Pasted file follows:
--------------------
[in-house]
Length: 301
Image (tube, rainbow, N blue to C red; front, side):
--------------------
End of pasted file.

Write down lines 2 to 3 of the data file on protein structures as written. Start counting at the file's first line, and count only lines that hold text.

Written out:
Length: 301
Image (tube, rainbow, N blue to C red; front, side):